More than 20 years after its inception, hospitals soon will be able to use a database that lists the names of caregivers from around the nation who have been disciplined or named in a malpractice action. The only problem is, the database is missing information on thousands of disciplined health professionals, an investigation conducted by ProPublica and the Los Angeles Times found.
State medical boards are supposed to file reports on all disciplined caregivers, but thus far no penalties have been levied against states that have failed to fully comply. For example, California's psychiatric technicians board lists 84 professionals who have been disciplined since 2008. But the federal government site run by the Health Resources and Services Administration lists none of those 84 professionals. In one instance that went unreported to the federal agency, two technicians were stripped of their licenses after failing to assist a woman who was choking on a paper towel.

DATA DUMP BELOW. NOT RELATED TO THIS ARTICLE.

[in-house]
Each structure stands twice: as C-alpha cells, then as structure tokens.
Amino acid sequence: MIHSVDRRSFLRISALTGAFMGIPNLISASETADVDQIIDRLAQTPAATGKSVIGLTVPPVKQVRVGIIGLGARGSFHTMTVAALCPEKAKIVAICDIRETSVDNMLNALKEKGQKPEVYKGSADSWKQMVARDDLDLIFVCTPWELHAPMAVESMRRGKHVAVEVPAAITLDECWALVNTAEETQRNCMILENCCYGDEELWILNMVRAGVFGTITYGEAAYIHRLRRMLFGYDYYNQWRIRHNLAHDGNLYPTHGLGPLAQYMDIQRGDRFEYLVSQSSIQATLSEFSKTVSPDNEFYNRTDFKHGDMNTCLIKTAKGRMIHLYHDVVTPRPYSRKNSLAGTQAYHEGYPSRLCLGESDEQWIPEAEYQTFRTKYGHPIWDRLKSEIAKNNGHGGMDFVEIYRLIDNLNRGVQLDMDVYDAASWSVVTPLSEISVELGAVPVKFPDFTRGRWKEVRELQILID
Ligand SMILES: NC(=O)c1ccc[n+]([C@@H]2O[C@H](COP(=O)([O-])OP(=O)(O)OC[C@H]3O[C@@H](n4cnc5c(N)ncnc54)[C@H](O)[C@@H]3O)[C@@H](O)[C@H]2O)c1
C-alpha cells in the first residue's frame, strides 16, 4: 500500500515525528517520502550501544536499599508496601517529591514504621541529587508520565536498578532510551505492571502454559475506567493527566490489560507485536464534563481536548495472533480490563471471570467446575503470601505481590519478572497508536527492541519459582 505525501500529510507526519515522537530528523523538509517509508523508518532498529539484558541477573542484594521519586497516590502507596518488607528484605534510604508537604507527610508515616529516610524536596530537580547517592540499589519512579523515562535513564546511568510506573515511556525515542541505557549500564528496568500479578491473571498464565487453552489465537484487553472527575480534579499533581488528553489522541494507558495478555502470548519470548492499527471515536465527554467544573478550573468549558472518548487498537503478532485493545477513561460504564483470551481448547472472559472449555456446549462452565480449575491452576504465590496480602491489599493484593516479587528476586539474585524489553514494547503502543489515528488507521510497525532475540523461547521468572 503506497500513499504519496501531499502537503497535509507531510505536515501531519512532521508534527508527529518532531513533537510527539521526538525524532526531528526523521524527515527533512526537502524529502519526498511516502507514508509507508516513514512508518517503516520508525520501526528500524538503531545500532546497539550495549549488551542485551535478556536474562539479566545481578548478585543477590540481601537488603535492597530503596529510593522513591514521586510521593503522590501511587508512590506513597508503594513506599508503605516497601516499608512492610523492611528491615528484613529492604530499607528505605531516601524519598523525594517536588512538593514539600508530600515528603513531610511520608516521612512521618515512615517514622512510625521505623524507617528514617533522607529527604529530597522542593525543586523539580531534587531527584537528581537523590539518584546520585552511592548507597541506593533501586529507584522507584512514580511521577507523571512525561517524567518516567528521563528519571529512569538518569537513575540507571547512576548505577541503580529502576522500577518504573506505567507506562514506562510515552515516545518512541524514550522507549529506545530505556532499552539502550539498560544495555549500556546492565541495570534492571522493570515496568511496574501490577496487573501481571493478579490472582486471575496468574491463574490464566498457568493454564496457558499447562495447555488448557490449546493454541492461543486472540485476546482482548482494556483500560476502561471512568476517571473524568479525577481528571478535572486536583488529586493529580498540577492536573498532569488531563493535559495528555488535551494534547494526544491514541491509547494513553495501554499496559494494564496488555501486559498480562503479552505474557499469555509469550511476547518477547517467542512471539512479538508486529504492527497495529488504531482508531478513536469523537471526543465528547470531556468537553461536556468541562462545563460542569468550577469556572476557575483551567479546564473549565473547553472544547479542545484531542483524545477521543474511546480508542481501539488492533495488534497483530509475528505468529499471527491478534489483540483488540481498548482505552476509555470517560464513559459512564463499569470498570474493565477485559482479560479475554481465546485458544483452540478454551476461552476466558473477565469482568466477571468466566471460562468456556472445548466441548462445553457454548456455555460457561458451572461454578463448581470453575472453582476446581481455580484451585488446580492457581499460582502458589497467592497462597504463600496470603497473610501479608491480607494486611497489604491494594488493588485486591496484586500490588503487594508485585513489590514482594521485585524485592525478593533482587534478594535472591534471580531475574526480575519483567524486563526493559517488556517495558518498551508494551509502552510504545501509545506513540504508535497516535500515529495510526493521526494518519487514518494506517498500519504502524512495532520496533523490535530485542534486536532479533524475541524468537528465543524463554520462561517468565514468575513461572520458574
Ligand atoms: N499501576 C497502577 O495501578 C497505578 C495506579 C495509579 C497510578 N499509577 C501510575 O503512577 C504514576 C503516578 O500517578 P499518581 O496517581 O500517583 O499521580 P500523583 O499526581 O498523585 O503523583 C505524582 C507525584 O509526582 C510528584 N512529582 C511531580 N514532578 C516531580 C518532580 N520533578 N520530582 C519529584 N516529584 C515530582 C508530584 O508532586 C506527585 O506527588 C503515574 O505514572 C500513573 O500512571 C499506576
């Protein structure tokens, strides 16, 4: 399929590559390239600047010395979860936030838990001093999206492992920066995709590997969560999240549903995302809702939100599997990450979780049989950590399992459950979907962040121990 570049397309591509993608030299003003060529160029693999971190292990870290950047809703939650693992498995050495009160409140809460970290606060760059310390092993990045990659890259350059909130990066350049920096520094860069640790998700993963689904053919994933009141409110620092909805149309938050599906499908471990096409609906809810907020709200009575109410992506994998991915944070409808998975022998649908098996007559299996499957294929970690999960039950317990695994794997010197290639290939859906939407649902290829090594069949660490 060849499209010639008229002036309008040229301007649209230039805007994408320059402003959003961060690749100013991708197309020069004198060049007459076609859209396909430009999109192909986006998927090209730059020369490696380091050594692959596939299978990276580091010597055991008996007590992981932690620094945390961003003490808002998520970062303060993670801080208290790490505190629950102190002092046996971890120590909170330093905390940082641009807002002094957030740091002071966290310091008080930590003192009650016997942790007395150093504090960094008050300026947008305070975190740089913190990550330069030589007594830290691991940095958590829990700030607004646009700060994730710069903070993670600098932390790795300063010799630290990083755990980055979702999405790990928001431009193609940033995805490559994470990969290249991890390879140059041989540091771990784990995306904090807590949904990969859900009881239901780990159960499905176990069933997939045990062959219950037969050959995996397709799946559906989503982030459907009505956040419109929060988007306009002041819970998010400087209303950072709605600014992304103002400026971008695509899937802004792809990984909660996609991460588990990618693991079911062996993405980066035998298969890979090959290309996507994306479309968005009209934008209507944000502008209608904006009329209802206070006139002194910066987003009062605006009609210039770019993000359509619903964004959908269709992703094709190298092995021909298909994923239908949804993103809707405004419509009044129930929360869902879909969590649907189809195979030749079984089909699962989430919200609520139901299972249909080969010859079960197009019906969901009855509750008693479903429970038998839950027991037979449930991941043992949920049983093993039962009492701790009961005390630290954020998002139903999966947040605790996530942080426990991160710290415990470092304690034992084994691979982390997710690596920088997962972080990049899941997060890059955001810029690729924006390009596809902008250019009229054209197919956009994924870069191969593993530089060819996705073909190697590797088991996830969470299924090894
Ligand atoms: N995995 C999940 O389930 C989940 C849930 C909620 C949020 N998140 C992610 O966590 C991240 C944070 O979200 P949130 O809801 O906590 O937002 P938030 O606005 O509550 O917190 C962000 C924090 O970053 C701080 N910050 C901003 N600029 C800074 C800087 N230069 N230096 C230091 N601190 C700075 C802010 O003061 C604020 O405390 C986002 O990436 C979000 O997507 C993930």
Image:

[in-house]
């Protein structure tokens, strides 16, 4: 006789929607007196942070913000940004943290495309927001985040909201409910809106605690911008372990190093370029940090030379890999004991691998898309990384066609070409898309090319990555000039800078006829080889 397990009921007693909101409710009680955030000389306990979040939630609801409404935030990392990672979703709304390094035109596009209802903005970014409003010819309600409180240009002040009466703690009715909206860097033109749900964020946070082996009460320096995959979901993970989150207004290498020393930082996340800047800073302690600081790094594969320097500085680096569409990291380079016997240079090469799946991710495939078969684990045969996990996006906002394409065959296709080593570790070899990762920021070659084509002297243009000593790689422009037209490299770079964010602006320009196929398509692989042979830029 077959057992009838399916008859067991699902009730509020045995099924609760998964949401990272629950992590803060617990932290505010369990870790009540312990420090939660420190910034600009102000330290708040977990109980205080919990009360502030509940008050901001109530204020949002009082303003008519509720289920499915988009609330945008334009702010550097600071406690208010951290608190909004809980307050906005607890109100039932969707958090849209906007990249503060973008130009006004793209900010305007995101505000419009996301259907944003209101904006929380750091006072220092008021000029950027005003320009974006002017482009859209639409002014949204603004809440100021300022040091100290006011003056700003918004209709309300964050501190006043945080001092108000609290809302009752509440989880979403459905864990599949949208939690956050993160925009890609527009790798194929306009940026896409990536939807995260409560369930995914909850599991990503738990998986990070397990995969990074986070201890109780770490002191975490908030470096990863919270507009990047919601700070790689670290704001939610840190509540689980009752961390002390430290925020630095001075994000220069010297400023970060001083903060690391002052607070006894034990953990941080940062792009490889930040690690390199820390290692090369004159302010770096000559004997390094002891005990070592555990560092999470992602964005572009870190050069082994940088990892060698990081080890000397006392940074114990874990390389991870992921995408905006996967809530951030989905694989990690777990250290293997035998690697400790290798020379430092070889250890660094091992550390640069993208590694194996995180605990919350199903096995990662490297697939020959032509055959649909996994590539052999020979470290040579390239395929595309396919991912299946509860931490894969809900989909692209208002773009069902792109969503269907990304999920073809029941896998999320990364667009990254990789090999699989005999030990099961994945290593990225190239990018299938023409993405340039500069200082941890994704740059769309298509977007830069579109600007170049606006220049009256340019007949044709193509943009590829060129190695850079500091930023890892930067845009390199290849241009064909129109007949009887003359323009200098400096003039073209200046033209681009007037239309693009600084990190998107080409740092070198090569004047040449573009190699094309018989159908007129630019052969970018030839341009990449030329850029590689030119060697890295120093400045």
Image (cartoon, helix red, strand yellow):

Likewise, "hundreds of disciplinary actions" were taken against close to 100 nurses in Indiana in 2004 and 2005, but many of the actions taken were not listed on the database. One case involved a nurse holding a knife to a co-worker's throat.
After HRSA officials essentially denied that anything was wrong with the database, Mary Wakefield, the agency's head, admitted that records were missing. Wakefield and Department of Health and Human Services Secretary Kathleen Sebelius sent a letter to state governors last week asking them to help fill in gaps in the database.
"The programs are intended to be a central source of information to assist in addressing patient safety, fraud and abuse in our healthcare delivery systems," the letter reads. "The information in these national data banks is only as good as the information provided by State licensing boards and other reporting entities."